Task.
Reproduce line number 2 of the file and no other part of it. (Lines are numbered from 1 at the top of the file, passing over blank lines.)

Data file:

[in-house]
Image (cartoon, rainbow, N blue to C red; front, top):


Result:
Image (cartoon, rainbow, N blue to C red; front, top):